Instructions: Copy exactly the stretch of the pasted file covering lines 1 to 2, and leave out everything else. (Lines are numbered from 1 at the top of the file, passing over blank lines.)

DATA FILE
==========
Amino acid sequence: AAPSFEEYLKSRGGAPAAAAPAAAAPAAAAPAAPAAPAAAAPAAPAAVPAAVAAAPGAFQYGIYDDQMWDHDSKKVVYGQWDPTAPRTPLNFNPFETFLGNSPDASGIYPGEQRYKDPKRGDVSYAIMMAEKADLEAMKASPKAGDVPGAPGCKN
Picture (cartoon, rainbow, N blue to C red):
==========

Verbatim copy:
Amino acid sequence: AAPSFEEYLKSRGGAPAAAAPAAAAPAAAAPAAPAAPAAAAPAAPAAVPAAVAAAPGAFQYGIYDDQMWDHDSKKVVYGQWDPTAPRTPLNFNPFETFLGNSPDASGIYPGEQRYKDPKRGDVSYAIMMAEKADLEAMKASPKAGDVPGAPGCKN
Picture (cartoon, rainbow, N blue to C red):